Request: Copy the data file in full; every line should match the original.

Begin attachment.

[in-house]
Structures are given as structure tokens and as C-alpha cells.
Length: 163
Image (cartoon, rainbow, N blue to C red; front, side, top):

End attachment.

[in-house]
Structures are given as structure tokens and as C-alpha cells.
Length: 163
Image (cartoon, rainbow, N blue to C red; front, side, top):